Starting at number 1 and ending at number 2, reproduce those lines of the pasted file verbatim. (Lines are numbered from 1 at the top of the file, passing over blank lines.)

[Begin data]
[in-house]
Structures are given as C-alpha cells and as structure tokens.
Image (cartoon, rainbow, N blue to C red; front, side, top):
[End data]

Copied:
[in-house]
Structures are given as C-alpha cells and as structure tokens.